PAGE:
By Gjergj Erebara*
Rights groups in Albania have condemned the government for announcing on Friday that it had approved several changes to laws supervising the justice system, the police and the penal code.
Minister said the measures were needed to fight organised crime and corruption, but local human rights organisations said they had not been consulted and claimed the changes could pose dangers to human rights and the separation of powers. Albania’s Western partners told BIRN they had not read what the government had approved.
The laws had not yet been published by the time of publication, and the office of Prime Minister Edi Rama did not respond to questions from BIRN about when they will be made available.
In a press statement, Etilda Gjonaj, Minister of Justice, insisted that the authorities had consulted their “partners”, a term usually used to describe the EU and US embassies. However, the embassies said they had not seen the laws.
The US embassy said it appreciated “the expressed will of the Prime Minister to fight the scourge of organised crime. However, we have had no opportunity to study the latest version [of laws] and we are waiting to understand the details”. The EU embassy told BIRN it had “not seen the Normative Act adopted today and cannot comment at this point”.
A group of 12 Albanian rights organisations condemned the package of laws and the way it had been approved as non-constitutional and as a possible danger to the system of checks and balances.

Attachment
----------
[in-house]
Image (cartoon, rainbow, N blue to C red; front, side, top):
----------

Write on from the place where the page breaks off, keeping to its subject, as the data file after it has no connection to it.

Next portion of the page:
They said the fact that the package has not been made public was itself “a serious breach of the constitutional principles”.
The Albanian constitution allows the government to undertake legal changes with immediate effect in case of national emergencies.
But Gjonaj did not explain what current emergency justified such a “normative” act and also stressed that “the laws are already in force”, meaning they were empowered immediately, while parliament can only revise them later.
Rights organisations noted that the constitution does not allow such changes to be made to some laws, such as the penal code.
According to Gjonaj, the law changes will enable the police to better check assets of organised crime suspects and investigate judges and prosecutors that are supposedly helping them.
However, the rights organisations are concerned about potential threats to the division of powers between the judiciary and the government.
According to them, if the police are allowed to investigate judges or prosecutors, as Gjonaj implied the law changes will allow, they could exert undue pressure on them, to the detriment of justice.